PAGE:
Ticketing our way to an open road?
Ticketing our way to an open road?

While police officers certainly must pursue both dangerous (speeding) and criminal (drunk driving) activity, behavior that is merely impolite should stay outside the scope of an officer’s duties. The use of police to get slow-movers out of the passing lane certainly risks overburdening police with trivial matters. One lawmaker supporting the amendment admitted that it was a “pet peeve” to be behind slow drivers in the passing lane, which is a pretty low standard for lawmaking.

Ticketing slow passing lane drivers would subvert cooperation in favor or rule-enforcement. There is a reason you’ve never seen a zebra-clad referee on the fairway of the 18th hole. That’s not to say golf has no rules. But golf rules are meant to be self-enforced. And like the passing lane slowpoke, a golf cheat is either an ignorant doofus, a cad, or a bit of both. Either way, dealing with him is everybody’s job, and outsourcing it would change the nature of golf. Likewise, Ober’s amendment would change the nature of road rules, at least at the margins, pushing more undesirable behavior from irksome to illegal, thereby leaving us with less to do corporately, socially.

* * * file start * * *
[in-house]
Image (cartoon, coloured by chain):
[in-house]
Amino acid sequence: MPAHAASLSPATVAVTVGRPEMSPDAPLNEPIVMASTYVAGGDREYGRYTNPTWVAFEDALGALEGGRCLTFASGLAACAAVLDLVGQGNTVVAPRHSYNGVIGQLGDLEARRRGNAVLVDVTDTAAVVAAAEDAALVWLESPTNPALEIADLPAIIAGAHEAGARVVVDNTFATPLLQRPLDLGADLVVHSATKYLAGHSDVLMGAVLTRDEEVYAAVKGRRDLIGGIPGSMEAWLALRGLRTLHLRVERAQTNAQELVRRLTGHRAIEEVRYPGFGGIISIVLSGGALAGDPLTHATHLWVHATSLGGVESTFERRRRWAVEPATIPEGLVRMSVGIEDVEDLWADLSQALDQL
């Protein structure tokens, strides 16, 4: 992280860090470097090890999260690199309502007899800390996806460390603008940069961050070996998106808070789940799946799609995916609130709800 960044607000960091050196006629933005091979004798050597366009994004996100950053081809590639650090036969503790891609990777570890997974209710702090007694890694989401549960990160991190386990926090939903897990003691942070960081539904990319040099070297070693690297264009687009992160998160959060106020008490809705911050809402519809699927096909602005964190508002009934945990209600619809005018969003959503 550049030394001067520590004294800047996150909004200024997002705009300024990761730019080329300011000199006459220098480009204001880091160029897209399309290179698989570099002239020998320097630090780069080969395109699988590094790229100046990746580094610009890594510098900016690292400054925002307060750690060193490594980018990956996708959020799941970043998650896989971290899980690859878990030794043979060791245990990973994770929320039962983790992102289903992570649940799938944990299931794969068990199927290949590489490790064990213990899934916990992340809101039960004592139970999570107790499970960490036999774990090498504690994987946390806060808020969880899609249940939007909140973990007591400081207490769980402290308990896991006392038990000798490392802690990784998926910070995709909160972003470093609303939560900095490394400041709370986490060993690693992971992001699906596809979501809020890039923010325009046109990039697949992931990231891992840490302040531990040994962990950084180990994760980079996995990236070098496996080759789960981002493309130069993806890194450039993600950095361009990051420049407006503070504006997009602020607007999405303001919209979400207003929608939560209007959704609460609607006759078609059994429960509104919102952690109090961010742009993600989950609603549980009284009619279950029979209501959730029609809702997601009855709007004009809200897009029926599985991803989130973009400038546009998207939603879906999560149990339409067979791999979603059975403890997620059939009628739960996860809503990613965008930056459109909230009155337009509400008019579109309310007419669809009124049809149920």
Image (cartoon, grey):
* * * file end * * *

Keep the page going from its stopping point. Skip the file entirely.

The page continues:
It used to be considered a sign of patience–even inner strength–to tolerate boorish, impolite behavior. Not “tolerate” in the modern sense. Modern toleration is unfettered celebration, the way one must tolerate being handed a revolting craft beer because he’s too chicken to say out loud that pumpkin, cinnamon, and nutmeg just don’t make good dance partners inside a beer. Rather, tolerate in the sense that being able to endure the ill-treatment of others without ruin (to us) or retaliation (to them) makes us better people. What grandad called “building character.” But building character is hard and takes time. Think of the time I could save if only cops could fix all my pet peeves: